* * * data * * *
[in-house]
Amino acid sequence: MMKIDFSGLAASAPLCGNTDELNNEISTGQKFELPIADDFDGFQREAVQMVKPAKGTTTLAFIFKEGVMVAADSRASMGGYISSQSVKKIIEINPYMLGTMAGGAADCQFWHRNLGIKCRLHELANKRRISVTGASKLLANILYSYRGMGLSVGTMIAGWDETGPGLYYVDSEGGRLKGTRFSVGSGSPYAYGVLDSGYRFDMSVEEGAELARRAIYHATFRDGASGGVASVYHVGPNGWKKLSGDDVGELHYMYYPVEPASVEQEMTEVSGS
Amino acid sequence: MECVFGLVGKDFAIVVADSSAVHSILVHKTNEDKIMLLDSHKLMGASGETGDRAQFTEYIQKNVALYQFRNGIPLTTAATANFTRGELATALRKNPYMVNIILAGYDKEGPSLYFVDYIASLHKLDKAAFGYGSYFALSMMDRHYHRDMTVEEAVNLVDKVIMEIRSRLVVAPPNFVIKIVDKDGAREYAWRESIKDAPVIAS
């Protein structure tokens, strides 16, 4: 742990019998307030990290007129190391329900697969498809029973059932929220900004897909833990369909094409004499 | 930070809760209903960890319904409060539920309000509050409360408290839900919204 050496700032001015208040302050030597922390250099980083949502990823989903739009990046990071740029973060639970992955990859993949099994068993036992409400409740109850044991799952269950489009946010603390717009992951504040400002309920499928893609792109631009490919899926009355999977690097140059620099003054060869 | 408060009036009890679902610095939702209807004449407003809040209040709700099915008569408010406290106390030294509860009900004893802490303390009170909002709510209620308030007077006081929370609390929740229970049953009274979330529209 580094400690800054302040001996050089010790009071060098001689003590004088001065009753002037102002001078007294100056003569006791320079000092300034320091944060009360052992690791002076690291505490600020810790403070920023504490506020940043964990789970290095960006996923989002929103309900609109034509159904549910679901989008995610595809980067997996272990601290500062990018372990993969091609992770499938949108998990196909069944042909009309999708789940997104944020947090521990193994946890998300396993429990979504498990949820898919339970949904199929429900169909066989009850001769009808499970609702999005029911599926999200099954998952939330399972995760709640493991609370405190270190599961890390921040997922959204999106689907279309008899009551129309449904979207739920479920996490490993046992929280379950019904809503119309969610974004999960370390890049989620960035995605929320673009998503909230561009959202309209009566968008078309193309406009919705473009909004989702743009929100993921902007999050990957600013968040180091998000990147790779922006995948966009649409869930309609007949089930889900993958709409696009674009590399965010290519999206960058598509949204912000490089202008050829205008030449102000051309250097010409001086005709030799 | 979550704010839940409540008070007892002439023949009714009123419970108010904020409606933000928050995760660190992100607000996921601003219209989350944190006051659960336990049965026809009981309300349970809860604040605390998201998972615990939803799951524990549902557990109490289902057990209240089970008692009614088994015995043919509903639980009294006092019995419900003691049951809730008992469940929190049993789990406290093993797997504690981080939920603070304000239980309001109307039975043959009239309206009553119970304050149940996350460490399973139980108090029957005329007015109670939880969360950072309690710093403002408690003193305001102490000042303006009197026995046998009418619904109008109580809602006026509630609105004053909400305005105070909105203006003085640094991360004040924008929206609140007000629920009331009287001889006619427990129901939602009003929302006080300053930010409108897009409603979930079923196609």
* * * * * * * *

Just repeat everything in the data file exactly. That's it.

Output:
[in-house]
Amino acid sequence: MMKIDFSGLAASAPLCGNTDELNNEISTGQKFELPIADDFDGFQREAVQMVKPAKGTTTLAFIFKEGVMVAADSRASMGGYISSQSVKKIIEINPYMLGTMAGGAADCQFWHRNLGIKCRLHELANKRRISVTGASKLLANILYSYRGMGLSVGTMIAGWDETGPGLYYVDSEGGRLKGTRFSVGSGSPYAYGVLDSGYRFDMSVEEGAELARRAIYHATFRDGASGGVASVYHVGPNGWKKLSGDDVGELHYMYYPVEPASVEQEMTEVSGS
Amino acid sequence: MECVFGLVGKDFAIVVADSSAVHSILVHKTNEDKIMLLDSHKLMGASGETGDRAQFTEYIQKNVALYQFRNGIPLTTAATANFTRGELATALRKNPYMVNIILAGYDKEGPSLYFVDYIASLHKLDKAAFGYGSYFALSMMDRHYHRDMTVEEAVNLVDKVIMEIRSRLVVAPPNFVIKIVDKDGAREYAWRESIKDAPVIAS
């Protein structure tokens, strides 16, 4: 742990019998307030990290007129190391329900697969498809029973059932929220900004897909833990369909094409004499 | 930070809760209903960890319904409060539920309000509050409360408290839900919204 050496700032001015208040302050030597922390250099980083949502990823989903739009990046990071740029973060639970992955990859993949099994068993036992409400409740109850044991799952269950489009946010603390717009992951504040400002309920499928893609792109631009490919899926009355999977690097140059620099003054060869 | 408060009036009890679902610095939702209807004449407003809040209040709700099915008569408010406290106390030294509860009900004893802490303390009170909002709510209620308030007077006081929370609390929740229970049953009274979330529209 580094400690800054302040001996050089010790009071060098001689003590004088001065009753002037102002001078007294100056003569006791320079000092300034320091944060009360052992690791002076690291505490600020810790403070920023504490506020940043964990789970290095960006996923989002929103309900609109034509159904549910679901989008995610595809980067997996272990601290500062990018372990993969091609992770499938949108998990196909069944042909009309999708789940997104944020947090521990193994946890998300396993429990979504498990949820898919339970949904199929429900169909066989009850001769009808499970609702999005029911599926999200099954998952939330399972995760709640493991609370405190270190599961890390921040997922959204999106689907279309008899009551129309449904979207739920479920996490490993046992929280379950019904809503119309969610974004999960370390890049989620960035995605929320673009998503909230561009959202309209009566968008078309193309406009919705473009909004989702743009929100993921902007999050990957600013968040180091998000990147790779922006995948966009649409869930309609007949089930889900993958709409696009674009590399965010290519999206960058598509949204912000490089202008050829205008030449102000051309250097010409001086005709030799 | 979550704010839940409540008070007892002439023949009714009123419970108010904020409606933000928050995760660190992100607000996921601003219209989350944190006051659960336990049965026809009981309300349970809860604040605390998201998972615990939803799951524990549902557990109490289902057990209240089970008692009614088994015995043919509903639980009294006092019995419900003691049951809730008992469940929190049993789990406290093993797997504690981080939920603070304000239980309001109307039975043959009239309206009553119970304050149940996350460490399973139980108090029957005329007015109670939880969360950072309690710093403002408690003193305001102490000042303006009197026995046998009418619904109008109580809602006026509630609105004053909400305005105070909105203006003085640094991360004040924008929206609140007000629920009331009287001889006619427990129901939602009003929302006080300053930010409108897009409603979930079923196609």